Tai Chi and Parkinson's Disease

Author: Schwartzman L
Los Angeles, California, USA
Conference/Journal: 2nd World Congress Qigong
Date published: 1998
Other: Pages: 48 , Word Count: 274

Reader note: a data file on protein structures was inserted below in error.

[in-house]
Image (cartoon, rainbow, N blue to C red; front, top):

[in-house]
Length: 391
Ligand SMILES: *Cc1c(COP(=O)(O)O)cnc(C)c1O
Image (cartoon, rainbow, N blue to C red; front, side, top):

Individuals with Parkinson's disease (PD) enrolled in a 10-week course in Tai Chi. All enrolled participants were invited by mail to participate in a prospective study to determine the use of Tai Chi would improve self-reported quality of life. Individuals who self selected participation in the research study were seen the week prior to the beginning of the Tai Chi instruction to provide informed consent for a Parkinson's motor evaluation and to complete quality of life report instruments. To be included in the study, individuals must have 2 of the 4 CAPlT criteria for the study and provided informed consent. Seventeen individuals met the criteria for the study and provided informed consent. Seventeen individuals complete all ten weeks of the course and attended 3 follow up sessions. Only 10 individuals were seen for post study motor evaluations. Quality of Life was evaluated using PDQALlF (Parkinson's disease Quality of Life Instrument) and the BDI (Back Depression Inventory). Disease severity and staging were evaluated by the UPDRS and the Hoehn and Yahr Soale. Age ranged from 46-68 F (x=65.8) and the participants had PD for an average of 7.6 years (range 1-28 years). Subjects were predominantly male 10 (59%). Prior to 10 weeks of Tai Chi instruction, the overall group of subjects were mildly depressed. Mean BDI Following 10 weeks of Tai Chi mean depression scores declined to 6.8. Thirteen of 17 participants reported improved or stable depression. Nine of these 13 reported 25-50% improvement in their depression. Overall, self reported quality of life improved but was not statistically significant. This pilot study suggests that participation in Tai Chi may have promise as an adjunctive strategy for improving depression and overall quality of life in individuals with PD.